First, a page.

|DAREDEVIL No. 15.1, July 2015|
Selling a respectable 28,919 copies in May 2015, at least according to “Diamond Comic Distributors”, this rather incongruous one-shot anthology celebrating “the life and times of Daredevil - Fifty years in the making” not only provides Marc Guggenheim with the chance to script a tale about the costumed crime-fighter set during his early ‘yellow and black’ days. But also gives long-time series artist Chris Samnee the opportunity to deliver “his first solo writing assignment” by ensuring that the super-hero thwarts a sinister scheme of Diablo’s to turn New York’s salt into a drug which will “give all its recipients exactly what they crave.”
Sadly for those Hornhead followers hoping such a collaborative comic would transport them back to the Sixties era of Stan Lee and Gene Colan, the story “Worlds Collide” is doubtless something of a disappointment. Peter Krause’s rather pedestrian-looking artwork is at best just about negotiable due to the Minnesota University graduate’s bland style of pencilling. Whilst the nineteen-pager’s rather predictable narrative, as the rookie blind lawyer defends a murderer who he apprehended as Daredevil and unsurprisingly discovers that the “shooter” he ‘socked on the jaw’ was actually an innocent man, is hardly a ground-breaking adventure.
Admittedly Gruggenheim’s script does eventually improve when the inexperienced crime-fighter unwisely chooses to confront the real killers whilst they’re inside a storage locker filled with super-villain cast-off ordnance such as the Ring Master’s hat, Doc Ock’s tentacles and “the Shocker’s gauntlet.” However even this moment of dramatic tension is short-lived as despite “still [being] new at this” the sightless vigilante swiftly overpowers the two men with a single throw of his baton; “I don’t want any trouble.”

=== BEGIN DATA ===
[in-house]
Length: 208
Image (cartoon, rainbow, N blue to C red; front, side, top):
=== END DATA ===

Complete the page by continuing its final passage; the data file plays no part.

Fortunately “Chasing The Devil” on the other hand is a rather enjoyable, if somewhat tongue-in-cheek, romp through the shafts of “the Syracuse Salt Mine” and features a rare ‘Modern Age’ appearance of the much maligned and undervalued “thorn in the side of the Fantastic Four” Diablo. Clearly penned in order to compliment Chris Samnee’s considerable drawing talents, this simple story gets straight down to business by having the “friend in the red pyjamas” overhear of the ninth century alchemist’s diabolical plans as they’re broadcast to a passing police car. A flurry of fists later and the “big red buffon” has both foiled the drug-dealing aspirations of Jack Kirby’s ‘corny’ co-creation and given his ‘ghost-writer’ Foggy Nelson another chapter for Murdock’s autobiography.
|The regular cover art of "DAREDEVIL" No. 15.1 by Chris Samnee and Matthew Wilson|